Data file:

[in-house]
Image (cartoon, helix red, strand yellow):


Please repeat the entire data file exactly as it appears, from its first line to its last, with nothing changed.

[in-house]
Image (cartoon, helix red, strand yellow):